JC. Ryle (1817-1900) was a doughty supporter and proponent of ‘evangelical religion’ (i.e. evangelical faith).
In his celebrated work, Knots Untied, Ryle set out what he regarded as the leading features of such faith:-
“These I consider to be five in number.
a) The first leading feature of Evangelical Religion is the absolute supremacy it assigns to Holy Scripture, as the only rule of faith and practice … Show us anything plainly written in that Book, and, however trying to flesh and blood, we will receive it, believe it, and submit to it. Show us anything, as religion, which is contrary to that Book, and, however specious, plausible, beautiful, and apparently desirable, we will not have it at any price … Here is rock: all else is sand.
b) The second leading feature in Evangelical Religion is the depth and prominence it assigns to the doctrine of human sinfulness and corruption … All men … are not only in a miserable, pitiable, and bankrupt condition, but in a state of guilt, imminent danger, and condemnation before God. They are not only at enmity with their Maker and have no title to heaven, but they have no will to serve their Maker, no love to their Maker, and no meetness for Heaven … Hence we protest with all our heart against formalism, sacramentalism, and every species of mere external or vicarious Christianity. We maintain that all such religion is founded on an inadequate view of man’s spiritual need. It requires nothing less than the blood of God the Son applied to the conscience, and the grace of God the Holy Ghost entirely renewing the heart … Next to the Bible, as its foundation, it [i.e. evangelical religion] is based on a clear view of original sin.
c) The third leading feature of Evangelical Religion is the paramount importance it attaches to the work and office of our Lord Jesus Christ, and to the nature of the salvation which he has wrought out for man … All who believe on Him are, even while they live, completely forgiven and justified from all things – are reckoned completely righteous before God … We hold that an experimental [i.e. experiential] knowledge of Christ crucified and interceding, is the very essence of Christianity, and that in teaching men the Christian religion we can never dwell too much on Christ himself, and can never speak too strongly of the fullness, freeness, presentness, and simplicity of the salvation there is in him for every one that believes … We say that life eternal is to know Christ, believe in Christ, abide in Christ, have daily heart communion with Christ, by simple personal faith, and that everything in religion is useful so far as it helps forward that life of faith, but no further.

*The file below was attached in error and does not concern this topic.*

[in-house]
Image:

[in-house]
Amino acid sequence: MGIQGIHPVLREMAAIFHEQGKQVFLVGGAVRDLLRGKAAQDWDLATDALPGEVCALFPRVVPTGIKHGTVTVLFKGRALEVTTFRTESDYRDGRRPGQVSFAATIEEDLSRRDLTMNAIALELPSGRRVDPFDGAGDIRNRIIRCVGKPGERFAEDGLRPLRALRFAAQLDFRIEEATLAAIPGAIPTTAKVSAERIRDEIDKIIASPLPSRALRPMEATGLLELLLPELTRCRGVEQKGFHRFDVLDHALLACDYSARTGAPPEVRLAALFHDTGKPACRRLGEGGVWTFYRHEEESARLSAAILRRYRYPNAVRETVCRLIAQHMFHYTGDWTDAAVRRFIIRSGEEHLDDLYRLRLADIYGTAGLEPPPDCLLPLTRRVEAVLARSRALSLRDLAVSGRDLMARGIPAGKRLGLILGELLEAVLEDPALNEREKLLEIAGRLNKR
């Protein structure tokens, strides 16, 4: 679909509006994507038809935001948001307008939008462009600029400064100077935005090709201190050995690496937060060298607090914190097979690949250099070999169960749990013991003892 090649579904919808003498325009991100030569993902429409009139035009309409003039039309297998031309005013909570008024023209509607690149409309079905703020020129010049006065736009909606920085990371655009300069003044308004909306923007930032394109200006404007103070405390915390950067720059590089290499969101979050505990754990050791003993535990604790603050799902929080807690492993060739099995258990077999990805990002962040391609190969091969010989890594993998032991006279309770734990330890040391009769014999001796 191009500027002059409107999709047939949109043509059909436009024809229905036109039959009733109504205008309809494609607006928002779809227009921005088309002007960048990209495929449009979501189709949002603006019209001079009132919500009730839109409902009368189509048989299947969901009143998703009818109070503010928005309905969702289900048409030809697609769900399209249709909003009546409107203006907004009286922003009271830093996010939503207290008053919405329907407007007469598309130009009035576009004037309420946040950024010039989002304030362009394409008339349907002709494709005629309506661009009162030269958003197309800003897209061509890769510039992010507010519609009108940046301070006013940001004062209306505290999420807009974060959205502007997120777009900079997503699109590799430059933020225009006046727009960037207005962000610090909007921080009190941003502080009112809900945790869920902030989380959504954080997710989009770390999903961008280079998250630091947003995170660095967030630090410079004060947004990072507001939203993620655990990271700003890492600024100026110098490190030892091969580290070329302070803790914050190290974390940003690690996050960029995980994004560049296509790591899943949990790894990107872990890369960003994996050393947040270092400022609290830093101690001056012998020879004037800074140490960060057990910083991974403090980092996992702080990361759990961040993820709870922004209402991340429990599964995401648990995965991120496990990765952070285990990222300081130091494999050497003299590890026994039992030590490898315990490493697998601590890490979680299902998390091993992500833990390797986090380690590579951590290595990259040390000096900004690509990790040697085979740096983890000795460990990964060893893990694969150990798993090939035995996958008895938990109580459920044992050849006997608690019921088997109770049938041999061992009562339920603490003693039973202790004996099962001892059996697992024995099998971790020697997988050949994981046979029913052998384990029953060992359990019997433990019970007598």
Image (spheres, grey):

d) The fourth leading feature in Evangelical Religion is the high place which it assigns to the inward work of the Holy Spirit in the heart of man … We maintain that the things which need most to be pressed on men’s attention are those mighty works of the Holy Spirit, inward repentance, inward faith, inward hope, inward hatred of sin, and inward love to God’s law … We hold that, as an inward work of the Holy Ghost is a necessary thing to man’s salvation, so also it is a thing that must be inwardly felt … there can be no real conversion to God, no new creation in Christ, no new birth of the Spirit, where there is nothing felt and experienced within … We insist that where there is nothing felt within the heart of a man, there is nothing really possessed.
e) The fifth and last leading feature in Evangelical Religion is the importance which it attaches to the outward and visible work of the Holy Ghost in the life of man … The true grace of God is a thing that will always make itself manifest in the conduct, behaviour, tastes, ways, choices and habits of him who has it. It is not a dormant thing … To tell a man he is “born of God,” or regenerated, while he is living in carelessness or sin, is a dangerous delusion … Where there is the grace of the Spirit there will always be more or less fruit of the Spirit … where there is nothing seen, there is nothing possessed.”
Knots Untiled, pp3-6 (1977 James Clarke edition, as abbreviated by David Holloway)